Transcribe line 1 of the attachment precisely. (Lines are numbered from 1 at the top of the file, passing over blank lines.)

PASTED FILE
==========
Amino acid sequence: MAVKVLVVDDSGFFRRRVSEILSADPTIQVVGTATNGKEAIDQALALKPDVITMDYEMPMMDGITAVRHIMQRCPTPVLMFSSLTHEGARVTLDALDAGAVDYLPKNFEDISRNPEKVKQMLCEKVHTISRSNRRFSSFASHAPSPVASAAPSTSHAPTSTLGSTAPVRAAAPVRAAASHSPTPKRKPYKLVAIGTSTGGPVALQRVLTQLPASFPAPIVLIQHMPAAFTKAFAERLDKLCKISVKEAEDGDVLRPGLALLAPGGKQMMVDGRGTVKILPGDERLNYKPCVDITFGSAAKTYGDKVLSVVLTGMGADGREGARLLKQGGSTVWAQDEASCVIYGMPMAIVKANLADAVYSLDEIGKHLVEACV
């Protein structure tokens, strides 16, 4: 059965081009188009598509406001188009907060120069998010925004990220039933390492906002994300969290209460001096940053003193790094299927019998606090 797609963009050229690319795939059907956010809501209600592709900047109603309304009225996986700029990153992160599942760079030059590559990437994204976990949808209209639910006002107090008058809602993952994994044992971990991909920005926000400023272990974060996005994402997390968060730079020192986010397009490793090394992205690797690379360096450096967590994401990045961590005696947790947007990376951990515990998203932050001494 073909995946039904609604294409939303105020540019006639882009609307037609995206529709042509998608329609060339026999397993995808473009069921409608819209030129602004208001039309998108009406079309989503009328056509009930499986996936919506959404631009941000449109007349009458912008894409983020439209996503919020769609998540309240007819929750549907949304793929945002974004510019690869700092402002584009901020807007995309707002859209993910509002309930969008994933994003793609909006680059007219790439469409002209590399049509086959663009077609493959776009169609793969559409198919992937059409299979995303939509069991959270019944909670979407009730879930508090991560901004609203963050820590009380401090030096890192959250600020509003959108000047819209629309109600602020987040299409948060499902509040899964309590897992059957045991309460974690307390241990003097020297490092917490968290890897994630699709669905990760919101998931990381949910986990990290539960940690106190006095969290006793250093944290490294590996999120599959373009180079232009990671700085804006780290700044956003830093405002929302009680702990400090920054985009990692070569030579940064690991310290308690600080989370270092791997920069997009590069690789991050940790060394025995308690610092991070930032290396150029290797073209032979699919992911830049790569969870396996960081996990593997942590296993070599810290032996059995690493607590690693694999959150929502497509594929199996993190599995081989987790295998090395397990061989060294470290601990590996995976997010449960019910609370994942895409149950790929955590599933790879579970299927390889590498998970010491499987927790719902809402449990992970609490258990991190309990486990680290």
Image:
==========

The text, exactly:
Amino acid sequence: MAVKVLVVDDSGFFRRRVSEILSADPTIQVVGTATNGKEAIDQALALKPDVITMDYEMPMMDGITAVRHIMQRCPTPVLMFSSLTHEGARVTLDALDAGAVDYLPKNFEDISRNPEKVKQMLCEKVHTISRSNRRFSSFASHAPSPVASAAPSTSHAPTSTLGSTAPVRAAAPVRAAASHSPTPKRKPYKLVAIGTSTGGPVALQRVLTQLPASFPAPIVLIQHMPAAFTKAFAERLDKLCKISVKEAEDGDVLRPGLALLAPGGKQMMVDGRGTVKILPGDERLNYKPCVDITFGSAAKTYGDKVLSVVLTGMGADGREGARLLKQGGSTVWAQDEASCVIYGMPMAIVKANLADAVYSLDEIGKHLVEACV